Many more ailments in newborns can eventually be screened more specifically to avoid disorders later in life. Currently, babies in the U.S. and other countries are routinely screened for PKU, a metabolic disorder that prevents the breakdown of a specific amino acid found in proteins. This condition becomes toxic to the nervous system, but can be prevented and managed with appropriate diet. Without dietary changes, affected babies face extreme mental retardation. Hopefully, the number of conditions this type of screening applies to can be expanded.

Screening can also be done for adults, to see if they may be carriers of potential genetic conditions. Certain Jewish and Canadian populations regularly obtain voluntary screening for Tay-Sachs disease, a known child-killer. This information has been used to help make decisions about future marriage partners.

Perhaps the greatest benefit will come from what is called gene-based therapy. Understanding the molecular workings of genes and the proteins they encode will lead to more precise drug treatments. The more precise the drug treatment, the fewer and milder will be the side effects.

Actual gene therapy, replacing a defective gene with its normal counterpart, is still very experimental. There are still many hurdles to overcome involving how to deliver the gene to the proper cells, controlling where that gene is inserted into a chromosome, and how it is activated.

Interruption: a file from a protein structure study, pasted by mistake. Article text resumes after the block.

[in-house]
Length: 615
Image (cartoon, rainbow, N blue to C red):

Not surprisingly, some have seen the human genome sequence as a vindication of Darwin. We’ll examine that contention next.

Did the Human Genome Sequence Vindicate Darwin?

Amid the controversy and exultation over the release of the near complete human genome sequence has been a not so quiet triumphal howling from evolutionary biologists. The similarity of many genes across boundaries of species, the seemingly messy patchwork nature of the genome, and the presence of numerous apparently useless repetitive and copied sequences all have been laid out for us as clear validations of evolution. Really!

If Darwin were alive today, he would be astounded and humbled by what we now understand about the human genome and the genomes of other organisms.

Let’s take a closer look at the claims of one bioethicist, Arthur Caplan{6}, who thought the major news story was missed. So let’s just pick a few of the more glaring statements to help us understand that little in his comments should be trusted.

First, Caplan says, “Eric Lander of the Whitehead Institute in Cambridge, Mass., said that if you look at our genome it is clear that evolution must make new genes from old parts.”